Law Enforcement Officers Train For Active Shooter Scenarios At High School
It’s the training no law enforcement officer wants to ever have to utilize.
It’s also the training every law enforcement officer is glad they have.
Instructors for the Advanced Law Enforcement Rapid Response Training (ALERRT) center were in Glenwood last week providing active shooter training to more than a dozen area law enforcement officers at Glenwood Community High School.
The training scenario at Glenwood High School was intense: a mass shooting event with casualties was all part of the scene. There was simulated gunfire and a shooter taken out by body armor-clad law enforcement.
The ALERRT center, a San Marcos, Tex. federally funded program, offers courses of instruction designed to prepare first responders to isolate, distract, and neutralize an active shooter. The course reflects the evolving strategy that has first responding officers confronting active shooters. The training works includes drills on shooting and and principles of team movement, room entry techniques, approach and breaching the crisis site, secondary responder tactics and post-engagement priorities.
The trainings are provided at no cost to law enforcement agencies all over the country.
“They come here and get trained for a week for free,” said Luke Fleener, the lead instructor for the Glenwood training. “The ALERRT Center takes care of the equipment and the cost for the trainers to come and put the class on. In today’s world, it’s vitally important that our first responders are trained on how to deal with not only school incidents but also business attacks and theaters. Its invaluable training for them.”
It’s also a training that is increasingly requested. In a typical week, ALERRT receives 1,200 requests for the active shooter training Fleener and many others across the United States provide. In the days following the shooting deaths of 19 students and two teachers at Robb Elementary in Uvalde, Tex. on May 24, the center received 3,000 requests.
“They are getting inundated with training requests,” Fleener said. “What we’re seeing is administrators and chiefs and sheriffs across the country are realizing, we probably need to focus more attention to this topic so we are better prepared, God forbid, if something would happen.”
Taking part in the 16-hour course at Glenwood Community High School were a handful of Mills County Sherriff’s deputies and Glenwood Police officers as well as law enforcement officers from several southwest Iowa counties and two officers from Peoria, Ill. Fleener, who is also the sheriff of Webster County, has been a law enforcement officer for 33 years. He’s been an ALERRT active shooter trainer since 2008.
“I enjoy going out and doing this because it’s vital training,” Fleener said. “It’s great for us as instructors to see their level of abilities increase and they have them go back to their departments and continue training.”
Perhaps the most crucial and hands-on drill the officers take part in are the “force-on- force training” that has officers firing “simu-unition” rounds loaded with a soap-like substance that leaves an imprint on clothing. The drill teaches accuracy of fire and simulates “bad guys shooting back at law enforcement,” Fleener said.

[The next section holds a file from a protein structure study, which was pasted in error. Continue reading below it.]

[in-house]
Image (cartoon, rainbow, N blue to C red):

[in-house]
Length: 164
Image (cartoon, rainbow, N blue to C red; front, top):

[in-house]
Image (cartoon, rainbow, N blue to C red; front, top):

“That’s not always easy training for us to attend,” Fleener said. “It’s the closest thing we can get to real life. The more we can train in that environment the better our skills become.”
While the course is heavy on the dynamic scenarios, it includes approximately two hours of classroom work from a 200-page manual discussing tactics and scenarios.
Officer Richard Rix of the Glenwood Police Department took part in last week’s training. He’s been on the force four and a half years, and he’s taken part in a handful of similar trainings, but nothing has been quite so intense.
“The force-on-force stuff has been helpful,” he said. “It makes it more real. You take a shot to the arm, and it leaves a pretty good welt. It gets your alertness and attention to detail and everybody’s movements. Its puts you at a higher awareness.”
Rix’s forearm showed a bluish dime sized bruise from a shot from one of the sim-unition rounds. But he said the experience was worth the mild discomfort.
“It’s been a great training,” he said. “It’s really helped teach us different tactics how to make solo or two-man entries into schools, places of business and places like that and try to get to an active threat. And even if it’s something that’s not active, just getting through and getting to any victims or hostages.”
Any law enforcement agency can request the ALERRT training. The center also offers a “Integrated Response” program where officers, firefighters and paramedics are trained in the curriculum simultaneously. The program is also “train the trainer” aligned, in that officers in attendance will then be able to take the information back to their departments and do departmental trainings to improve their response.
“That’s our goal, to get out the training to as many people as we can,” Fleener said. “In today’s world, we have to be prepared for the worst.”